Work Header

Cold Welding

Work Text:

Grace and Shockwave (before)

The Decepticons had fallen. An unfortunate truth, but not an entirely unexpected one. There was no use in repairing what was now destroying itself, nor in attempting to salvage that which had outlived its usefulness. Shockwave had no regrets. 

As a scientist, diagnosing self-destructive systems was a skill one was required to cultivate at every opportunity. To hold the terrorized, chaotic mess Shockwave had been met with in the same regard as the well-run taskforce he recalled was an insult. There was no contest.

The Decepticon Army, as Megatronus and General Strika had founded them, had never been meant to operate in isolation. The alliance between the five fallen nations of Cybertron's northern hemisphere would have acted as a governing body, providing a dedicated oversight committee and a representative from each city-state to serve among the highest-ranking officers. They had served the planet itself.

Out of those high ranking officers, only Starscream remained. Not that he served as anything but the Decepticon second officer anymore, with Vos little more than an ashy husk and her people scattered to the winds. And yet even that could not be said for long, judging by the harsh punishments and harsher opinions he was subjected to.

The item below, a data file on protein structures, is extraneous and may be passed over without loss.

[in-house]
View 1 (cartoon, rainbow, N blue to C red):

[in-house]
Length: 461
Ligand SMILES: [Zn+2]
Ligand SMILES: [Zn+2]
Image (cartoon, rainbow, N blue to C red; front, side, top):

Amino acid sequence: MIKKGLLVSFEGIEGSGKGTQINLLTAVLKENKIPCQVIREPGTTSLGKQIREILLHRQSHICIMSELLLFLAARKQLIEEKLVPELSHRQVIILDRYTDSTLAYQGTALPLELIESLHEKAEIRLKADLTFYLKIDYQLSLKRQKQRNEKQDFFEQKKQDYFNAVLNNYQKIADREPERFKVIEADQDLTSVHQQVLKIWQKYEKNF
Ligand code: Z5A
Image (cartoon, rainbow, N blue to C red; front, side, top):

Unsurprising. Starscream was many things, few of them pleasant, but complacent was not one of them. Shockwave could not imagine the warlord had much patience for Starscream and his dauntless ambition. In time, Megatron would lose Starscream, then his armada altogether. The Decepticon Army would be gutted.

As fascinating as it would have been to observe the overall structure collapse in upon itself, Shockwave had higher and greater goals to consider. The loss of his work to collateral damage or malicious tampering would be completely unacceptable. He dealt with several components that could not be replicated without great risk. Irreplicable...but certainly portable. Perhaps it behooved Shockwave to make his exit before the situation devolved entirely.

Predictably, no sooner did Shockwave begin preparations to leave than he returned to discover a shadowy figure standing outside the door to his laboratory. Not concealed, not lurking in the shadowy recesses; just waiting. Shockwave had long appreciated Soundwave's habit of forgoing the customary Decepticon posturing.

Wordlessly, Shockwave gestured for Soundwave to enter, opening the door with an internal command. Wordlessly, Soundwave accepted.

The door hissed shut, followed by a long series of clicking and whirring as the door was secured. Soundwave looked on very patiently. Shockwave had always had the impression that Soundwave regarded his personal security system as an endearing attempt more than anything else, but he was too polite to comment upon it.